Lenovo has joined hands with the Science and Technology Facilities Council’s (STFC) Hartree Centre of the U.K. to conduct joint research to improve energy-efficiency of high-performance computing systems.
As part of the partnership, the Hartree Centre will be conducting research on the key challenges of power consumption in computing and the performance effects of scale-out versus scale-up systems given a defined power budget.
This apart, Hartree will also be developing software intellectual property and defining best practices regarding ARM-based server deployments.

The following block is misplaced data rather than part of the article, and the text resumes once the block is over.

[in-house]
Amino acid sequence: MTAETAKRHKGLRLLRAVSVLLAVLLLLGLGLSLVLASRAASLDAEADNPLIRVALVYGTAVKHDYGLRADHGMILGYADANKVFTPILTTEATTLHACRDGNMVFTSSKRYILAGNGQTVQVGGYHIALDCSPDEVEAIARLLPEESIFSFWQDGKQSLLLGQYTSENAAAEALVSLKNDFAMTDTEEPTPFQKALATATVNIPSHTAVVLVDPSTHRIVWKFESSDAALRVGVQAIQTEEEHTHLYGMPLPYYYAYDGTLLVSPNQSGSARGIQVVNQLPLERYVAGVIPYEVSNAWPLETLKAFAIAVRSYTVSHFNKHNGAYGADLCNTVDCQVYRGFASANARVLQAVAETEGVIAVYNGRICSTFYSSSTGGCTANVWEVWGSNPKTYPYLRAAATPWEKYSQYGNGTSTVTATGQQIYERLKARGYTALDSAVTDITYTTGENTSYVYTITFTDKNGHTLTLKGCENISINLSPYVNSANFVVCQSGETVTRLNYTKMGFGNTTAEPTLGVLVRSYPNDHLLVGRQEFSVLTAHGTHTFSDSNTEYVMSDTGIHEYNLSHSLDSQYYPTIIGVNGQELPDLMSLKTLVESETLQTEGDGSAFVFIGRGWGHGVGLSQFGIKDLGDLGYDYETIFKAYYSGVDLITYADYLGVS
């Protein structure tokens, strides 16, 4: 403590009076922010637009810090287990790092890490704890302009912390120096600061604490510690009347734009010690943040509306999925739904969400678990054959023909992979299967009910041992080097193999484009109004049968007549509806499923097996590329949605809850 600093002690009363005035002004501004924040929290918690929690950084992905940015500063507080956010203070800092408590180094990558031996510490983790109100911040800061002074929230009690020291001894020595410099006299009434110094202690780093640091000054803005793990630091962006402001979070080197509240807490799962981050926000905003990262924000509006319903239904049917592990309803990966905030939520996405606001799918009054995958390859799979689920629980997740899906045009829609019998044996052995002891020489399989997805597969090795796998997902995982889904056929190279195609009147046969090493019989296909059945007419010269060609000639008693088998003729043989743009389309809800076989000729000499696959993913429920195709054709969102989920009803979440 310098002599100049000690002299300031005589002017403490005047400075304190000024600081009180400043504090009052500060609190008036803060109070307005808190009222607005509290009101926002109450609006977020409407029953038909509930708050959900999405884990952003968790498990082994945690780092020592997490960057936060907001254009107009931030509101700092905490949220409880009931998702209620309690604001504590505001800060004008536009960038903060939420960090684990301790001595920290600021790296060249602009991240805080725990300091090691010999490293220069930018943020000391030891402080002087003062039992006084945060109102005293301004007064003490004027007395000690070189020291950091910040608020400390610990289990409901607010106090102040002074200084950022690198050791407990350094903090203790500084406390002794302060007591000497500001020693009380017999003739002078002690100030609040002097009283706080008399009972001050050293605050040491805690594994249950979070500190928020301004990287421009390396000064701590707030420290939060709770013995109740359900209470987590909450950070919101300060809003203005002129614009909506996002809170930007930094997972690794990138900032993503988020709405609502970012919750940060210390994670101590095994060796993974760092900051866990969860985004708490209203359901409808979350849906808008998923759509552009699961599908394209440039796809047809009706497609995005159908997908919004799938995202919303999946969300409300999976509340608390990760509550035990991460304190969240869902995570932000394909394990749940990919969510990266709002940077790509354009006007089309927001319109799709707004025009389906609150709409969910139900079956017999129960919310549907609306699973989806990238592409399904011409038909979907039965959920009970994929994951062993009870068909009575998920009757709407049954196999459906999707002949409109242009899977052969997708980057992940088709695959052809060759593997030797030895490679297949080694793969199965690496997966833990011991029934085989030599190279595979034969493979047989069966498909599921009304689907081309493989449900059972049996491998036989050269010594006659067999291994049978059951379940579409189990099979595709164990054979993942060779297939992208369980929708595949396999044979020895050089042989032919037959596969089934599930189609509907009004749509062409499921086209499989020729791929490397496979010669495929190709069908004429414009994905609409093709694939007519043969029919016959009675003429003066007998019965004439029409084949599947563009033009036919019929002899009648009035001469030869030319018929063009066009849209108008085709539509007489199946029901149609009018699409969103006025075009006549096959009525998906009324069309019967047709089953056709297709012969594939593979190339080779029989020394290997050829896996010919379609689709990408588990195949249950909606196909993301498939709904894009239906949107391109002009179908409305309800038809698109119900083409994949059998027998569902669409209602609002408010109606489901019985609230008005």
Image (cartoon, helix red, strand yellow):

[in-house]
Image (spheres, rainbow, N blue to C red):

They will evaluate the benefits of targeted, workload-optimized server design to address challenges. They will focus on a narrow set of application environments with the goal of optimizing performance / watt and performance / cost for these select workloads.
The main highlight of the program is that Lenovo will develop an ARM-based server prototype as an extension to its dense computing platform NeXtScale. Users of high-performance computing, grid deployments, analytics workloads, and large-scale cloud and virtualization infrastructures are using NeXtScale solutions.
The NeXtScale ARM server will be based on the Cavium ThunderX SoC which has capabilities to help minimize cost and power consumption. NeXtScale enclosure can optimize density and performance while fitting in a standard 19-inch rack and can hold up to 12 ARM-based servers, delivering 1,152 cores while occupying 6U of rack space.